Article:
Many clients use eBay to purchase and sell stock. The process is quite easy but like all online transactions it is open to fraud. There are a number of useful guides on the internet but let’s consider some of them.
Some sellers try and elude you by using an excuse that they’re not an expert. Avoid these or be very wary. They are already slippery before they do the deal with you. After the sale they will use their lack of expertise to suggest they didn’t know.
2. Feedback inflation
Sellers can have multiple memberships and along with friends can boost up feedback selling ‘next to worthless’ items.
3. Shipping to an unusual address
Here the buyer might claim to be in the UK but asks for the goods to be shipped abroad or to a brother on the M1 services. It is possible to set preferences to limit bids by UK buyers, select PayPal as the only payment and wait to deliver an item only after payment has been made – even if it’s a high bid!
4. Send to a confirmed address using a trackable service
Remember that unless you have delivered to a confirmed address using a trackable service, PayPal will side with the buyer and chargeback the price for you.
5. Second chance offers
Fraudsters will pick up on seeing buyers pipped at the post and make contact by email with details of the same goodies to sell you, but, of course, not the goodies themselves. As with all emails check them out and, of course check with the top buyer.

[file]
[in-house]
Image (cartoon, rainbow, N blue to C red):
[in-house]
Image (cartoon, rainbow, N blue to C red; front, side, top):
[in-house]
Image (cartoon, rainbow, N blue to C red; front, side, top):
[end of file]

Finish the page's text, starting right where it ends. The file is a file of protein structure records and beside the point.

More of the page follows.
6. Who is selling, what are they selling, where are they?
Think in these simple terms. Joe Public comes to visit you and opens a newspaper. He shows you an advertisement which gives a name, address, a phone number and details of some cars. He says to you “which car would you like?” You point to one. He says great – hand over the cash and I will deliver it tomorrow! Would you do that – no! But that’s exactly what the internet is. It’s an advertisement slightly more refined but still open to fraud because of the fact that all the information is VIRTUAL …not VERIFIED. On top of this, if things go wrong, how are you going to sue them? You haven’t got their address, and probably can’t get it. There is an eBay toolbar with a feature called account guard. This turns green when on an official eBay or PayPal site.
7. Use PayPal or other secure systems such as Escrow
It’s not ideal but far more secure than paying cheque or cash into a seller’s bank. Escrow is another way to add protection to the transaction. They act as a clearing house and won’t release money for the buyer to the seller until both parties are satisfied with the sale. The only eBay approved service is Escrow.com. The fees are agreed between buyer and seller.
In remembrance of Dennis Chapman 1951 -2015